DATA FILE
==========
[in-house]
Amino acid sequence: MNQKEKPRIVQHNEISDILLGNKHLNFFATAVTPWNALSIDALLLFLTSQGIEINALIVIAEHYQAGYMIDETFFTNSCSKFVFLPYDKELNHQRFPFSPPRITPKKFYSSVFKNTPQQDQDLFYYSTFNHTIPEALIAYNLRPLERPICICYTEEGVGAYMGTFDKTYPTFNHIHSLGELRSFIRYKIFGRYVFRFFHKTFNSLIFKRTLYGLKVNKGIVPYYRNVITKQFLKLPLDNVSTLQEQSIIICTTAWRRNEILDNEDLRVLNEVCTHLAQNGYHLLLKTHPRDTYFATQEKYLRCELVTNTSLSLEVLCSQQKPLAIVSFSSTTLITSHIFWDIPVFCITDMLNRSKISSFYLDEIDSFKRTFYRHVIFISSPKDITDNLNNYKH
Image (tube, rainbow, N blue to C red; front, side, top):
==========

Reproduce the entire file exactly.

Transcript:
[in-house]
Amino acid sequence: MNQKEKPRIVQHNEISDILLGNKHLNFFATAVTPWNALSIDALLLFLTSQGIEINALIVIAEHYQAGYMIDETFFTNSCSKFVFLPYDKELNHQRFPFSPPRITPKKFYSSVFKNTPQQDQDLFYYSTFNHTIPEALIAYNLRPLERPICICYTEEGVGAYMGTFDKTYPTFNHIHSLGELRSFIRYKIFGRYVFRFFHKTFNSLIFKRTLYGLKVNKGIVPYYRNVITKQFLKLPLDNVSTLQEQSIIICTTAWRRNEILDNEDLRVLNEVCTHLAQNGYHLLLKTHPRDTYFATQEKYLRCELVTNTSLSLEVLCSQQKPLAIVSFSSTTLITSHIFWDIPVFCITDMLNRSKISSFYLDEIDSFKRTFYRHVIFISSPKDITDNLNNYKH
Image (tube, rainbow, N blue to C red; front, side, top):